Equipped with a color 3D camera, an inertial measurement sensor, and its own on-board computer, a newly improved robotic cane could offer blind and visually impaired users a new way to navigate indoors.
Many products release molecules that drift through the air. Some can potentially cause health problems. Researchers now report a personal air-sampling system that can detect an unprecedented range of these compounds from a special badge or pen. They will present their results at ACS Fall 2021.
The COVID-19 outbreaks in Thailand have seen an ever-increasing number of infections as new clusters are emerging. The faculty members of Sasin School of Management — Prof. Dr. Kua Wongboonsin, Asst. Prof. Dr. Piyachart Phiromswad, Assoc. Prof. Dr. Pattanaporn Chatjuthamard, Asst. Prof. Dr. Pattarake Sarajoti, and Asst. Prof. Dr. Sabin Srivannaboon, with financial support from the National Research Council of Thailand (NRCT), jointly present ways to reduce the spread of COVID-19 sustainably in a study to identify technologies that can instantly and appropriately help professionals who find social distancing difficult.
EviroTech LLC announced today (May 7) a $4 million investment into the company by 1701 Ventures GmbH of Göttingen, Germany, which will allow EviroTech to complete the final design, production startup and market introduction of its Ultra-Fast COVID-19 detection sensor.
Pennington, NJ – The Electrochemical Society (ECS) seeks nominations for the founding Editor-in-Chief (EIC) of ECS Sensors Plus, a new journal being launched in 2021. The EIC, together with the Editorial Board, ensures the smooth operation and success of the Journal. Nomination submissions are accepted as of May 18, 2021, via the EIC Sensors Plus Nominations Form (available as of May 18) and must be received by June 17, 2021.
Chula Engineering, True Group, and King Chulalongkorn Memorial Hospital, Thai Red Cross Society, jointly showcase 5G smart beds, a prototype innovation to prevent falls in elderly patients — in both hospitals and homes.
Thailand’s PM2.5 dust particles level ranks as one of the highest in the world and poses health risks to the urban population. Having a reliable tool developed by Thais themselves to warn the public of PM2.5 dust conditions is crucial, and the “Sensor for All” project by Chula Engineering is an answer to this problem. During the past three years, a team of multidisciplinary experts of Chula Engineering has been working on installing sensor nodes, starting on the Chula campus, and expanding to cover the whole country.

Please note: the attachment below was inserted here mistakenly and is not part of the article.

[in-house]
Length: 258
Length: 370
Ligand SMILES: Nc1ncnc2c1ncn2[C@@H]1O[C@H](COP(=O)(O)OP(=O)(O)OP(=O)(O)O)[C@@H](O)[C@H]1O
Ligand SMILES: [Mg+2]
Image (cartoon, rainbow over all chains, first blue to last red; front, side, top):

In 2018, Tian Lab at UC Davis Health developed dLight1, a single fluorescent protein-based biosensor. This sensor allows high resolution, real-time imaging of the spatial and temporal release of dopamine in live animals. Now, the team expanded the color spectrum of dLight1 to YdLight1 and RdLight1. The increased light penetration and imaging depth of these variants provide enhanced dopamine signal quality allowing researchers to optically dissect dopamine’s release and model its effects on neural circuits.
Scientists at Berkeley Lab have demonstrated a new technique that could improve the performance of atomically thin semiconductors for next-generation electronics such as optoelectronics, thermoelectrics, and sensors.
Researchers are using high-resolution printing technology and the unique properties of graphene to make low-cost biosensors to monitor food safety and livestock health.
A team of researchers co-led by Berkeley Lab has observed unusually long-lived wavelike electrons called “plasmons” in a new class of electronically conducting material. Plasmons are very important for determining the optical and electronic properties of metals.
University of Utah electrical and computer engineering professor Massood Tabib-Azar is developing a portable, reusable sensor for COVID-19 that works with a cellphone. It can detect the presence of the virus in about a minute and just requires a drop of saliva.
Researchers reporting in ACS Central Science have developed an easy-to-use, robust sensor that can monitor a plant’s development and health.
Scientists at Berkeley Lab have developed a diamond anvil sensor that could lead to a new generation of smart, designer materials, as well as the synthesis of new chemical compounds, atomically fine-tuned by pressure.